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Still floating ideas, after all these years

February 24th, 2022Still floating ideas, after all these years

Fantasyland is a carousel that sits out the back of Tom Henderson’s place. It seats four, with two people propelling it by cranking an arm up and down.

Fantasyland is a carousel that sits out the back of Tom Henderson’s place. It seats four, with two people propelling it by cranking an arm up and down.
For 20 years the idea of the carousel sat in Tom’s head. He made it a reality for the Daylesford New Year’s Eve Parade.


And so, with its 300 mirrors, it joined his award-winning floats for Melbourne’s Moomba Parade and a mechanical wonderland of trucks and bizarre machinery.


Tom Henderson’s story is at once humble and exciting. Born 74 years ago in the Daylesford Hospital, he grew up as the second of six children on a dairy farm at Shepherds Flat.
After two years compulsory National Service in the Army, he went logging for Ogden’s Sawmills, then in East Street.


It was the early 70s and his work was, he says, tough but fun, working with machinery in the open air. “No one was watching you.” As well, he had to be a bush mechanic.
This was around the time that he saw a chance to improve the standard of floats in Daylesford’s New Year’s Eve Parade. “I wasn’t frightened to step outside the square,” he says.
Enter his Professor Know-All’s Water Pumping Machine. Then a Crutching Crew, all about shearing.
Six months’ work, “on and off”, went into these floats. “It was fun, and the people building them would operate them.” This joy and imagination was recognised in 1976 by the Melbourne Moomba Parade Lord Mayor’s Prize for best country float, pictured right. It hangs framed on a wall of his home.
This was for the Jim Crow Creekers, an astonishing float, initially for Daylesford, which carried 10 people who sluiced for gold and ran a blacksmith’s shop, with forge bellows. Blokes worked a water wheel powered by a hidden pump, while a baker produced bread along the Moomba procession (“The smell was just fabulous”).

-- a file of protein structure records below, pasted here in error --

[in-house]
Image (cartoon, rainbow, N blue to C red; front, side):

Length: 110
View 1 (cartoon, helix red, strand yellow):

Behind a sledge was a delivery cart, connected to the wagon.
The twist here was that the local Apex Club entered the Moomba Parade. Trouble was, the club didn’t have a float and so latched on to Tom’s New Year’s Eve model.
Suffice to say, Tom won the Moomba prize again the following year.
He and his team made a Santa Claus Workshop for Daylesford about 20 years ago. Elves and fairies fill a log cabin as they make toys. Santa’s sleigh is on another set-up, all pulled by a vintage tractor, a single cyclinder 1937 Lanz Bulldog.
But before the workshop, he built Sideways Suzuki, with two “drivers”, one steering the front axle, the other the rear axle. If both turned left, it went sideways.
He sums up: “I don’t have trouble building them: they just come together luckily enough. I could ‘see’ the carousel before I started”
He returns to the carousel, built for the cancelled 2020 parade. Last year it won the People’s Choice award, a $100 prize. The 13 people involved with the float got $7 each. Tom put a $5 note and change in each envelope. His team that built it were Nessa Fritchley, Adam Tori and ‘Maka’ Thomas, plus artist and neighbour Marina Pribaz, whose artwork adds enchantment.
“That’s my last big float,” says Tom. “There’s space in the procession for someone younger to fill.”

Words: Kevin Childs | Images: Contributed



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